Posts
2575 
Joined

Last visited
Content Type
Profiles
Forums
Events
Posts posted by Bignose


If all 11 variables and all experiments are independent and identically distributed, then you can use the binomial distribution to calculate what you need https://en.wikipedia.org/wiki/Binomial_distribution
0 
On 10/27/2018 at 11:49 AM, M2theK said:
I am aware that the equation is incorrect, hence my question: what is the correct equation to calculate the probabilities?
And what I'm saying is that no equation can ever give you something correct if you ask the impossible... There is no correct equation to tell you what the odds are to do something impossible, in your case it is impossible to draw more cards than what are left in the deck. If you are programming this in a system somewhere, you need to check the inputs to limit the calculation only to actually feasible scenarios. If someone asks the impossible, you return an error, or 0, or a message explaining the impossibility, or whatever is appropriate to your system.
You're fundamentally asking of the math an question it cannot answer. It is like asking 'how heavy is the color blue?' or 'how many candle lumens in a hogshead?' or 'how do I pay a $100 electricity bill when I only have $15 in my account?' Math is not the solution to impossibilities.
0 
On 10/24/2018 at 7:13 AM, M2theK said:
However, the original equation seems to be notationally incorrect, since the term
((DTH)!) can become negative in case of: D = 30, T = 30, H > 0, but factorials are only defined for nonnegative integer numbers.
Well, sure. The math says something is wrong when you attempt the impossible: to draw more cards from the remaining deck than are in the deck, H > (D  T). Its no different than asking what happens when you try to lift a boulder with infinite mass or try to divide by zero. The fact that the math can't be done indicates that you're asking for something impossible and you need to check that what you've set up the problem to do is correct.
0 
4 hours ago, ScienceNostalgia101 said:
Is there any mathematical formula (software notwithstanding) into which you could plug the latitude/longitude differences, from said position of direct sunlight, to get the solar angle, not unlike how you can use the pythagorean theorem to find a vector's magnitude from the magnitudes of its components?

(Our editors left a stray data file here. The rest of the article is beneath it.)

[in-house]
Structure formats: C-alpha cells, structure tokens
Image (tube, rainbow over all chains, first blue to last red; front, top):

I think your investigation should begin with studying the spherical coordinate system: https://en.wikipedia.org/wiki/Spherical_coordinate_system
Understanding that will go a long way toward answering your questions.
0 
On 9/1/2018 at 11:11 PM, Bean_Spiller said:
That's not what I said. I said "dragging the vectors through THEIR centers" you ass
1) I am specifically asking WHERE the 'center' of a vector is? Because you need to know where that is before you drag anything through it. I have never heard the term 'center of a vector' before, and just wanted to understand. As near as I can tell, this is term you made up and didn't bother to define.
2) no need for name calling. Just asking a question. If you are going to name call when someone asks a question, then expect your time here to be short.
0 
On 8/31/2018 at 6:20 PM, Bean_Spiller said:
Yeah that was the dark matter obviously baryonic matter doesn't experience subplanck transformations (sphere inversions) you're not inverting the spheres so much as dragging the 12 vectors through their centers to mathematically emulate a charge under uft
Was this supposed to address wtf's comments? Because not only have you failed to define what is meant by 'inverting a sphere' you introduced another meaningless mathematical term  the center of a vector. Please define both of these terms explicitly.
0 
3 hours ago, mathspassion said:
For your namesake bignose do not try to tell me know algebra my dear I know very well first you read all the quotes then write dear after reading few quotes u are not suppose to write anytning anywhere ok